On the latest episode of Working History, Matthew Hild and Keri Leigh Merritt discuss their new edited volume, Reconsidering Southern Labor History, the nexus of race, class and power in the history of labor in the South, and how a new generation of southern labor scholars are changing our understanding of labor's past, present and future in the region.
Keri Leigh Merritt works as an independent scholar in Atlanta, Georgia. She received her B.A. in History and Political Science from Emory University, and her M.A. and Ph.D. (2014) in History from the University of Georgia. Her research focuses on race and class in U.S. history. Merritt’s work on poverty and inequality has garnered multiple awards. Her first book, Masterless Men: Poor Whites and Slavery in the Antebellum South, was published by Cambridge University Press in 2017. With Matthew Hild she is the co-editor of Reconsidering Southern Labor History: Race, Class, and Power. She is currently conducting research for books on radical black resistance during Reconstruction, and on the role of sheriffs and police in the nineteenth century South.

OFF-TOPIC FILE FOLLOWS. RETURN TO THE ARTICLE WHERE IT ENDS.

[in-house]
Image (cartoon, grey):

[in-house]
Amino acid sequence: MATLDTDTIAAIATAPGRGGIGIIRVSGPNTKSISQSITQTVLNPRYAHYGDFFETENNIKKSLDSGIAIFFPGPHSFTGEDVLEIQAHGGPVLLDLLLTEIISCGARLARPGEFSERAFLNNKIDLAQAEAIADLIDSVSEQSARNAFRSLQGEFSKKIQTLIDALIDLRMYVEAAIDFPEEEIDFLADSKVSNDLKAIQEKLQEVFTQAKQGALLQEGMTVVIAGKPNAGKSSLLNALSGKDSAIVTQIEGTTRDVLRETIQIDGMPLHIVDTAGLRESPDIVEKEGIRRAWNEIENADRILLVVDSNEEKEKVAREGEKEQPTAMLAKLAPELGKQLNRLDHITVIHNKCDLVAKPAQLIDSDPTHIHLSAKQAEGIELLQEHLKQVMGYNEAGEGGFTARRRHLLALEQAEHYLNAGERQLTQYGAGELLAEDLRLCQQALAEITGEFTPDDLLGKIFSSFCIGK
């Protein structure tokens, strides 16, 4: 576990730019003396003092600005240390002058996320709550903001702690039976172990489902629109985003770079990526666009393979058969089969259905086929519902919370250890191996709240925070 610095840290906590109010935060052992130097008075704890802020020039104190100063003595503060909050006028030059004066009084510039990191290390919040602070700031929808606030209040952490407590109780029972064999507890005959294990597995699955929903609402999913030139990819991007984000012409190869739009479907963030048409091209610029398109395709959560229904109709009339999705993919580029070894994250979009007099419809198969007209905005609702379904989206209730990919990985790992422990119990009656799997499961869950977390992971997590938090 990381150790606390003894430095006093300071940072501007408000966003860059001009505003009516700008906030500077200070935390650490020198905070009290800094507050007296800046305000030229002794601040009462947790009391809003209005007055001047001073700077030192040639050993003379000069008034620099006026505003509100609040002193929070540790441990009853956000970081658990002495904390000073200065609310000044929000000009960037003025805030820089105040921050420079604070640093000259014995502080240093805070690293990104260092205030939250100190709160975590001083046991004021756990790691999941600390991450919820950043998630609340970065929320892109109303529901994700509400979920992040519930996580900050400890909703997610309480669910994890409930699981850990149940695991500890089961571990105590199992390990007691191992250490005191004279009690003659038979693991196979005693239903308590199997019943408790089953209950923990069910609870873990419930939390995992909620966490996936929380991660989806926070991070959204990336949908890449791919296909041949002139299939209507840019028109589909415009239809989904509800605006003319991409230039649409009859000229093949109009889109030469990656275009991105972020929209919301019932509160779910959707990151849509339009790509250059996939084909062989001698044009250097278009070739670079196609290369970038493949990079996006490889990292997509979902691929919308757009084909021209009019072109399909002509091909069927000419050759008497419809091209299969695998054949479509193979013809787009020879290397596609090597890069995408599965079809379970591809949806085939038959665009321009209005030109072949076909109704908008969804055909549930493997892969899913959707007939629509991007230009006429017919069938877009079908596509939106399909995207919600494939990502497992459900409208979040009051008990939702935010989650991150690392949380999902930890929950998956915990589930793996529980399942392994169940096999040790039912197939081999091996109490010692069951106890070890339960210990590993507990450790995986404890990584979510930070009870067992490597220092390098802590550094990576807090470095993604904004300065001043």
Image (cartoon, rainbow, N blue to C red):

Matthew Hild is an instructor of history, specializing in southern history and American labor history and agricultural history at Georgia Tech. He earned his Ph.D. from Georgia Tech’s School of History and Sociology in 2003. He has taught intermittently at Georgia Tech since 2002, and has also taught at Auburn University, Georgia State University, Rhodes College, and the University of West Georgia. He is the author of Greenbackers, Knights of Labor, and Populists: Farmer-Labor Insurgency in the Late–Nineteenth Century South (University of Georgia Press, 2007) and a contributing author to Populism in the South Revisited: New Interpretations and New Departures (University Press of Mississippi, 2012). He is currently writing Arkansas's Gilded Age: The Rise, Decline, and Legacy of Populism and Working-Class Protest, which is under contract with the University of Missouri Press. Courses that he has taught at Georgia Tech include U.S. History to 1877, U.S. History since 1877, History of the New South, U.S. Labor History, America in the Gilded Age and Progressive Era, and Technology and Science in the Industrial Age.
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